New York City, 1919. His career as a concert pianist ended by a war injury, Sutton Albright returns to college, only to be expelled after a scandalous affair with a teacher. Unable to face his family, Sutton heads to Manhattan with no plans and little money in his pocket but with a desire to call his life his own.
Jack Bailey lost his parents to influenza and now hopes to save the family novelty shop by advertising on the radio, a medium barely more than a novelty, itself. His nights are spent in a careless and debauched romp through the gayer sections of Manhattan.
When these two men cross paths, despite a world of differences separating them, their attraction cannot be denied. Sutton finds himself drawn to the piano, playing for Jack. But can his music heal them both, or will sudden prosperity jeopardize their chance at love?
Review by Hayden Thorne
When you pick up a copy of Allen’s debut novel, don’t expect the following: wide, sweeping landscapes; breathless, passionate exchanges; an overly thorough history lesson on early 20th century New York; glamour, scandal, intrigue; anything and everything in epic proportions. If you’re a fan of high emotions and luxurious settings in gay romance, skip the book.
Allen’s novel is the kind that moves you quietly. It’s got romance, it’s got history, and it’s got some pretty memorable characters, but what makes this book so appealing is the skillfully light touch it uses on conflict and emotion. It’s so light, in fact, that the reader’s often left with what’s unspoken, allowing him to savor that vague hint or two with a kind of languid ease. There are a number of sex scenes, yes, but they’re never graphic and are always conveyed along more emotional and psychological lines, not physical. Because of that, we get a better sense of the love Sutton and Jack feel for each other without being hit over the head with page after page of Insert-Tab-A-Into-Slot-B sex scenes or page after page of hand-wringing, hair-tearing angst over their future happiness against society’s displeasure. Allen knows when to rein things in, and she does so exquisitely.
The same can be said about the non-romantic elements and conflicts in the book. Through alternating POVs, we see, first-hand, New York’s less glamorous side, as well as the terrible toll of WWI on its survivors, poverty on the whole, the “gay underground,” and even simple day-to-day things like selling wares, eating at a nearby cafe, etc.. Nothing gets blown out of proportion in Allen’s world. People come and go, bringing with them their private demons and their dreams, and they move in their world as real people do.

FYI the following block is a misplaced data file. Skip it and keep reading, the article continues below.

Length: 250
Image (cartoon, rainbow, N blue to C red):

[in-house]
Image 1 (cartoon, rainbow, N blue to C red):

In a sense, the novel is like a slice-of-life, sans the pretensions of that narrative structure. The historical angle gives it a unique and refreshing edge, which keeps our interest high. The fact that Jack’s shop deals in odds and ends – novelty items from all over – only adds to the reality of the setting along more poignant lines, given how the shop reflects not only Jack’s devotion to his late parents, but also his father’s lost dreams of seeing the world.
The side characters are a mixed, Dickensian bag of good guys, villains, and just plain quirky types, and a lot of them are well-developed, which is an amazing accomplishment if we were to consider how many they are and how long they tend to stay in any given scene. And that leads me to what I consider to be the highlight of the novel: pacing.
Allen’s book is richly-plotted, yes. We have the main conflicts (Sutton and Jack’s terrible pasts, their dreams, and their future together) as well as the smaller ones (threat of eviction, Ox and Esther’s romance, Theo’s tragi-comic adventures in his search for love, among others), and what I love the most is the fact that Allen gives these subplots almost equal time. Slow and steady seem to be her mantra, and I absolutely appreciate seeing an easy, almost idle unfolding of events because it allows the reader time to see – really see, understand, and absorb – Jack and Sutton’s world, their blooming relationship, and their complex connections with other characters, both good and bad. This is definitely not a book for the impatient.
That said, the understated, quiet quality of the book works against the story in a few (very few) instances. There are some moments in which the emotions are so subtle that the results are a sense of odd detachment and an ephemeral quality in the scene that pulls the reader away, when the moment really needs to draw on his sympathy or outrage instead. These moments are rare, though, and on the whole, they don’t at all detract from the novel’s better points.
Even though the setting is contained (nicely reflective of the “contained” emotions that define the plot), we still get to experience New York. Engaging all our senses with details that help fix us firmly in the characters’ world, Allen manages to capture a very real city at a specific point in its history. Dingy alleys, grimy walls, rundown apartments, cluttered shops, Ida’s restaurant and her home-cooked meals – we get to see, smell, feel, taste, and hear everything. It’s a great complement to a host of very real, very human characters.
Buy the book: Amazon.com, Amazon UK (not yet listed)